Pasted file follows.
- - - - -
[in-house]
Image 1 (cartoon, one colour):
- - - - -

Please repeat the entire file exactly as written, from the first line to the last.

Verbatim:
[in-house]
Image 1 (cartoon, one colour):